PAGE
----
“When They Approach the Old Testament, They Think It’s Boring”

ZA Blog on 9 months ago. Tagged under ,,.

torah-story-online-course

We recently sat down with Gary Schnittjer to talk about why the Pentateuch is often read less frequently than other parts of the Bible, as well as some ways to encourage and deepen your study of the Pentateuch. Take a look:

One of the problems Christians have when they approach the Old Testament is they think it’s boring.

I think especially a book like Leviticus or Numbers or Deuteronomy—they’re not often read and studied carefully by Christians. They seem irrelevant and get sort of stirred up together. People say, “Well luckily Jesus…

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John Walton: “This Course Can Change Your Life”

ZA Blog on 1 year ago. Tagged under ,,.

John Walton blog image

Have you ever read a chapter from the Old Testament and wondered, why did God put that in the Bible?

Everyone has.

Lots of people—even in the church, even in the academy—don’t really know how to read the Old Testament.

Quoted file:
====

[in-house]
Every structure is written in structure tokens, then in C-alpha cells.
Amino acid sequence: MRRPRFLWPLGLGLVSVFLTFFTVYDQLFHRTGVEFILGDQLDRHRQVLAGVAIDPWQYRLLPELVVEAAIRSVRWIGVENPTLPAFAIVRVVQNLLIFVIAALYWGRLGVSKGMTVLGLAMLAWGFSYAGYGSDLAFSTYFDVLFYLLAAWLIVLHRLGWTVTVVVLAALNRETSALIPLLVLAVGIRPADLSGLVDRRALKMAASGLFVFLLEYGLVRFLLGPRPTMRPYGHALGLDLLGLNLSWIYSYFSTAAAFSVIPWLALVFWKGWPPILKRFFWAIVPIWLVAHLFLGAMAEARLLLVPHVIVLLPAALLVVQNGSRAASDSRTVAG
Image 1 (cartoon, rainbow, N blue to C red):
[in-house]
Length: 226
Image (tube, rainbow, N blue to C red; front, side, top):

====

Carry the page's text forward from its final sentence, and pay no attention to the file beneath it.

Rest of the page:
It’s time to change that.

In this online course, John Walton and Andrew Hill will walk you through the Old Testament, book-by-book.

You will learn:

How to read the Old Testament and ancient history together The background to each Old Testament book—even the hard books How the Old Testament relates to the New Testament Why understanding the theology of the Old Testament is so important And much more!

When you take this course, the Old Testament will start to…

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$4.99 eBook Sale: Zondervan Illustrated Bible Backgrounds Commentary, NEW TESTAMENT and OLD TESTAMENT

ZA Blog on 1 year ago. Tagged under ,,,,.

Announcement: All volumes of the Zondervan Illustrated Bible Backgrounds Commentary New Testament have been released in eBook format! (Joining the complete Old Testament set also in eBook format.)